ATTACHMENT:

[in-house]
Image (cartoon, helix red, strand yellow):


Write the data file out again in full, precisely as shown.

[in-house]
Image (cartoon, helix red, strand yellow):